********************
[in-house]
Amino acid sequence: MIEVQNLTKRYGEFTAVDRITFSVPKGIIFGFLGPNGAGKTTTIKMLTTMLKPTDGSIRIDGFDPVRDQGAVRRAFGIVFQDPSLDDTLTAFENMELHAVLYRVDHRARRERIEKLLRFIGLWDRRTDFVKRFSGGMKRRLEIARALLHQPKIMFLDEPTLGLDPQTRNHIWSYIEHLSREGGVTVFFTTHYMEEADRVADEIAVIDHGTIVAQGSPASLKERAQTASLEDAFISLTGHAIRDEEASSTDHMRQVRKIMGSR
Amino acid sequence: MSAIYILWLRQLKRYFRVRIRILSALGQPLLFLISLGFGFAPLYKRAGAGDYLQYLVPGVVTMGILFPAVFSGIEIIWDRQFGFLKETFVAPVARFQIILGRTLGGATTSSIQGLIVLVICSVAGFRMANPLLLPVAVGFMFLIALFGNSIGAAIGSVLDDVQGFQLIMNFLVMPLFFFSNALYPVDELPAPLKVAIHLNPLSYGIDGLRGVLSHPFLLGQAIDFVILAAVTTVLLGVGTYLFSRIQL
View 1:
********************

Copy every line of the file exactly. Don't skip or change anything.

[in-house]
Amino acid sequence: MIEVQNLTKRYGEFTAVDRITFSVPKGIIFGFLGPNGAGKTTTIKMLTTMLKPTDGSIRIDGFDPVRDQGAVRRAFGIVFQDPSLDDTLTAFENMELHAVLYRVDHRARRERIEKLLRFIGLWDRRTDFVKRFSGGMKRRLEIARALLHQPKIMFLDEPTLGLDPQTRNHIWSYIEHLSREGGVTVFFTTHYMEEADRVADEIAVIDHGTIVAQGSPASLKERAQTASLEDAFISLTGHAIRDEEASSTDHMRQVRKIMGSR
Amino acid sequence: MSAIYILWLRQLKRYFRVRIRILSALGQPLLFLISLGFGFAPLYKRAGAGDYLQYLVPGVVTMGILFPAVFSGIEIIWDRQFGFLKETFVAPVARFQIILGRTLGGATTSSIQGLIVLVICSVAGFRMANPLLLPVAVGFMFLIALFGNSIGAAIGSVLDDVQGFQLIMNFLVMPLFFFSNALYPVDELPAPLKVAIHLNPLSYGIDGLRGVLSHPFLLGQAIDFVILAAVTTVLLGVGTYLFSRIQL
View 1: